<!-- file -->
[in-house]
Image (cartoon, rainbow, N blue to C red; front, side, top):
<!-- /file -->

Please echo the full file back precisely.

[in-house]
Image (cartoon, rainbow, N blue to C red; front, side, top):